May 26, 2020
This could be a pivotal week in major league baseball’s history.
The rubber will hit the road as talks to salvage the 2020 season from the grip of the COVID-19 pandemic intensify.
Obviously, other major sports besides baseball are in similar situations, but the surrounding contexts are different and the stakes might not be quite as high.
Basketball is considering a Walt Disney World-based plan to play a limited number of regular season games and a playoff tournament. Hockey is considering holding an expanded 24-team playoff tournament at multiple sites. Both are looking at midsummer returns, though many of the details still need to be worked out.
It is notable that the owners and players in both of those sports are keeping fairly low profiles, knowing that a public airing of grievances is counterproductive.
Unfortunately, baseball owners and players have not gotten that memo.
On one hand, you have ownership representatives leaking to friendly reporters that they have a “smoking gun” email that proves the players knew full well that the prorated salaries previously agreed to were based upon fans being in the stands. Now, with the prospect of empty stadiums at the beginning of the season, at the very least, the owners expect further financial concessions from the players.
On the other side, you have the Rays’ Blake Snell’s public comments, including the famed, “I gotta get my money. I’m not playing unless I get mine. OK?” line. If you look at the full body, including context, of Snell’s words, there’s a lot of truth in there. But the tone, and the sound bite, are quite unproductive.
It’s quite possible that similar conversations are going on in other sports, but they haven’t overtaken the headlines. I would argue that relatively weak leadership on the part of both sides has allowed both MLB ownership and the players’ union to be cast in a negative light.
The public wants its major sports leagues back, but not at all costs. If owners and players can’t find a pathway to safely playing their games, and they are transparent about their efforts, fans will understand. If it becomes a public hissing match between billionaires and millionaires, clumsily trying not to strangle the golden goose, while doing just that, the fans could well abandon them.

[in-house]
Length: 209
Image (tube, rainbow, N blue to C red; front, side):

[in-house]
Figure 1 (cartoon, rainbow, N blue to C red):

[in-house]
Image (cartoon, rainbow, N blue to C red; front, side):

Consider the following stakeholders that major league baseball has seemingly forgotten in recent months:
- Minor league baseball teams/fans – there was a movement in place to cut 40 clubs before the pandemic, and now the shortening of the MLB draft to five rounds this June has made it a fait accompli. Oh, and teams have begun to release scads of minor league players, who were poorly compensated to begin with, and who will now have to search for health insurance as well.
- College baseball teams – the draft is just one component here. Colleges have been hurt financially by the pandemic, and multiple Division I schools have dropped baseball as a result. The fear is that many, many more could follow suit.
Baseball may have set an all-time industry record in revenues in 2019, but its long-term trend is muddled. Attendance has plateaued and begun to turn down, and at the youth level, it has become a game for the well-off, who can afford personalized training and elite travel team programs. Go ahead and ask 50 random kids their favorite sport, and be prepared for baseball to finish 4th or so.
Within a week, we should have a really good idea how major league baseball’s summer is going to play out. From best to worst-case scenario, here are the options (the actual details may vary somewhat):
1 – The owners and players keep the discord to a minimum, and exchange mutually beneficial ideas that result in an 82-game season beginning around July 4, with expanded playoffs involving 14 teams lasting until around November 1. Teams train for most of June. The whole thing comes off without a hitch, and potential labor strife is put off for a couple of years. For what it’s worth, I think this is the most likely option, though less than a 50/50 proposition.
2 – The two sides agree on the financial parameters for a 2020 season, but cannot find a way forward that sufficiently satisfies the health concerns facing game participants. Why would this be the second “best” outcome? For one, because the diversion of too many COVID-19 tests toward baseball personnel and away from the general public would be a bad thing.
3 – The airing of grievances continues, and results in a public billionaires vs. millionaires public relations disaster, and ultimately, no season. Then in 2021, with the revenue pie much smaller, the two parties reconvene.
4 – #1, except the system breaks down after the games begin to be played. COVID-19 cases hit the player population fairly hard, and a team or teams shut down seasonal operations. Then in 2021, with the revenue pie much smaller, the two parties reconvene.
As you can see, an awful lot is at stake here. Scenarios #3 and #4 would be catastrophic to major league baseball. As crazy as it sounds, though, I think fans would be more forgiving of #4 – if all parties were transparent, and knew and assessed the risks, but it ultimately didn’t work out, the fans would come back over time.
But if the owners and players simply bickered, and couldn’t find common ground upon which to advance the sport for purely financial reasons, the fans could well move on for good. The stakes couldn’t be higher – let’s see how the parties act this week.